The other thing is, certainly on Facebook groups, there are tonnes of small business communities. And small businesses love peer to peer networking, because you don't have the ability to just bounce an idea off someone in a different part of department, for example. So, really sign up for those. And I can find some links and make sure that they get shared with this podcast. But that's a great way to ask questions. So, in our Boost Leaders Network, we would see the amount of amazing... I learned in there years ago that Canva was this incredible platform to make your content look great. And so, we did a partnership with Canva. They came on some of the training with us. And so, there's just lots of sharing that goes on. So, I would look at my month and decide how many hours a month am I going to spend educating myself on what's out there and then running a couple of tests, but making sure that I've got enough space to then measure the effectiveness and then make adjustments from there.
Carrying on from that point, we are a community of business owning women, but a really large number of those women are running businesses for women. Either they've found a problem that they experienced that they want to help someone else with or they've invented a solution to something in another way. So, for you personally, just in terms of being marketed to as a woman in the commercial space, do you find it easy to separate your business identity from your personal identity online? How do you feel about doing business on social media? Do you have two distinct personalities? Are you Michelle work and Michelle at home? And how can we leverage your experience for our community in terms of giving them some advice?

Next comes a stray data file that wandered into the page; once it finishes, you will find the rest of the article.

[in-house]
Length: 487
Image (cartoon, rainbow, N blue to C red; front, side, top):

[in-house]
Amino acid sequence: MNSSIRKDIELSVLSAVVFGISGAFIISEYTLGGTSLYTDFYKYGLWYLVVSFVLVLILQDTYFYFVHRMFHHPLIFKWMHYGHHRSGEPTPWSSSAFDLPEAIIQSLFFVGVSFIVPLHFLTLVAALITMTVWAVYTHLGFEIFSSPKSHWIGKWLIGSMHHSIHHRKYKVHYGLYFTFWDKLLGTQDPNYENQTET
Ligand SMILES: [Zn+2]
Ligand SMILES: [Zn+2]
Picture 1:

So, if you're the founder of a company, you're going to have a company profile, you're going to have if you want your profile to be public. And then you might have, then you think about your channel mix. So, for example, a lot of owners who are founder led, so their name is attached to the company itself, tend to have... Instagram is the open channel for everybody to follow, Twitter or X might've been the other one. So, everyone can follow there. And that's very much a content strategy with a business angle to it, nothing personal. And you can also set up a business account obviously on these channels. And then you have your personal account. I tend to use Facebook as personal only, although I have a public profile, because that's where when I lived in America was my channel for connecting with my family and keeping it more personal.
Now, you can set up a business account. And then in your dashboard on all of these social media or digital channels, you can actually see all the different things that you're doing and you can toggle between your profiles. So, I tend to keep them separate, because if on one hand you're posting pictures of your children, you might not want that to be broadcast to the community. It might be part of your strategy, but if so, then it's got to be really thoughtful and part of your content calendar. So, having a content calendar ultimately is what I'm saying, and then overlaying the channel strategy on top of that is a second piece.